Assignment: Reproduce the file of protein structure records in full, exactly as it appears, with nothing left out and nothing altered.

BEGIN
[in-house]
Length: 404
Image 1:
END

[in-house]
Length: 404
Image 1: